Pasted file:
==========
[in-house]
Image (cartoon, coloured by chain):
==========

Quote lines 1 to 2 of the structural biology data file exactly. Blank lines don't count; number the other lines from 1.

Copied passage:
[in-house]
Image (cartoon, coloured by chain):